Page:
Research priorities are toward the improved diagnostics and better vaccine development while there is a need to study the effect of environmental farm conditions and focusing on novel biosecurity measures. The overarching goal of biosecurity is to prevent, control and/or manage risks to life and health as appropriate to the biosecurity sector. In doing so, biosecurity is an essential element of sustainable agricultural development. The success of NDV vaccination program may depend on a minimum of 85% of the flock receiving a proper dose and responding to vaccination to achieve a high antibody titer after vaccination to ensure that no epidemic spread is possible in vaccinated populations. Previous studies indicated that a high fraction of birds (>85%) needs to have a high antibody titer (logtiter ≥3) after vaccination to ensure that no epidemic spread is possible (van Boven et al., 2008). The organic content of the fecal material, amount of moisture, exposure to the sunlight, residual disinfecting chemicals may all play a role in avian influenza virus survivability. Linear regression analysis of the virus infectivity in the embryonated eggs indicated the persistence of the virus did not deviate from the expected values for all the temperatures. The linear regression model indicated that the difference in the persistence of the virus in dry and wet feces at all temperatures was not very marked and there was a negative correlation between the virus survival and temperature while the virus was highly susceptible to the higher temperature (Kurmi et al., 2013). In the present study, isolation and genetic characterization for velogenic NDV from vaccinated flock with heterologous vaccine (LaSota) was carried out. Then, evaluation for the persistence of velogenic NDV in chicken manure with evaluation of moisture % and pH changes in manure conditions over a time period up to 33 days.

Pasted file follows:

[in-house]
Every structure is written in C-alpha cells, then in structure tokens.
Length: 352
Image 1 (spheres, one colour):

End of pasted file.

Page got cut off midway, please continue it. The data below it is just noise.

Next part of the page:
Materials and Methods

Sampling, virus isolation and propagation and antigenic characterization

Velogenic Newcastle disease virus (NDV) genotype VII was isolated from vaccinated commercial broiler flock of 40 days old from Giza governorate. The herd was vaccinated with inactivated LaSota (Genotype II) vaccine at 8 days and live attenuated LaSota vaccine at 12 and 35 days. The virus was propagated by inoculation of 9-10-day old specific pathogen free embryonated chicken eggs (SPF ECEs) (white leghorn flock SPF Fayum Kom Oshim, Egypt). Titration of the virus stock was completed by preparing 10-fold serial dilutions of the allantoic fluid in PBS with antibiotics; 200 mg gentamicin/ml, 2000 units penicillin/ml, and 4 mg amphotericin B/ml (Sigma Chemical Co., St. Louis, MO); 0.2 ml of each dilution was inoculated into five SPF eggs. Virus titer was determined by calculation of the 50% egg infectious dose (EID50). The harvested allantoic fluid was used in hemagglutination test for the presence of a hemagglutinating virus. Positive samples were subjected to hemagglutination inhibition test (OIE, 2012) using NDV specific antisera to confirm the presence of NDV.

Molecular detection, sequencing and sequence analysis